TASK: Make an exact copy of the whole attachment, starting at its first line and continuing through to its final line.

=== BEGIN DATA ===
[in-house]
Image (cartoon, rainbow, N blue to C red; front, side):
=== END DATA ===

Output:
[in-house]
Image (cartoon, rainbow, N blue to C red; front, side):